$3.75m awarded to transform the way ovarian cancer is treated

13 February 2020
Fewer than one in two women survive ovarian cancer five years on
The Cancer Council of NSW has awarded its annual Translational Program Grant to a Sydney-led project aiming to match ovarian cancer patients with the treatment or clinical trial most likely to work for their cancer subtype.

Cancer Council has awarded its annual $3.75 million Translational Program Grant to a research team led by Professor Anna deFazio from the University of Sydney, exploring how to better personalise ovarian cancer treatment for Australian women.

Professor Anna deFazio and her team will spend the next five years creating a process by which ovarian cancer patients can have their cancer comprehensively analysed to determine its molecular profile. If standard treatments are not effective, patients can be matched with an appropriate clinical trial, based on the individual characteristics of their tumour.

This will improve treatment outcomes by ensuring that treatment approaches offered to an ovarian cancer patient are those with the highest likelihood of being successful for their specific subtype of the disease.

Professor deFazio, who is the Sydney West Chair in Translational Cancer Research and co-director of the Centre for Cancer Research at the Westmead Institute for Medical Research (WIMR), is hopeful that this research will transform the way women with ovarian cancer are treated.

“Many people don’t know that ovarian cancer has the lowest survival rate of any women’s cancer in Australia,” said Professor deFazio, from the University of Sydney School of Medicine in the Faculty of Medicine and Health.

“Currently, only around 45 percent of ovarian cancer patients will survive for five years. Unlike many other cancers, these survival odds have only slightly improved in the last two decades — one of the main reasons for this is that each ovarian cancer differs significantly in its genetic and molecular make-up, which results in widely varied treatment outcomes.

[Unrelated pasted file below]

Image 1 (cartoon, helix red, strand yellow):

“Encouragingly, the last few years have seen a rapid expansion in the number and variety of targeted cancer treatment options."

We will work to provide the missing link in this treatment path, generating the data and processes to match patients with the ideal treatment for their cancer type,” said Professor deFazio.

The University of Sydney-led team has assembled an expert team of researchers and clinicians to make this happen, including from WIMR, The Crown Princess Mary Cancer Centre, Westmead Hospital, the Prince of Wales Hospital, Royal Hospital for Women, Royal North Shore Hospital, Royal Prince Alfred Hospital, Chris O’Brien Lifehouse, the University of Technology Sydney, the Children’s Medical Research Institute, and from interstate, the Peter MacCallum Cancer Centre, and overseas, from the National Cancer Institute in the United States.

To reach their goal, Professor deFazio’s team will analyse the molecular profile of more than 300 ovarian cancer patients in NSW to better understand the subsets of ovarian cancer and how each type responds to specific treatments. The team will also look at ways of more simply communicating complex molecular test results to the treating clinical team, so they are easier to interpret.

Finally, Professor deFazio’s team will use patient samples to print 3D models of ovarian tumours to test treatment approaches and help design new early phase clinical trials.

Professor Karen Canfell, Director of Research at Cancer Council NSW, is proud the organisation was able to fund such innovative research: “We only award our Translational Program Grant to cancer research that will rapidly translate research discoveries into clinical practice and policy,” she said.


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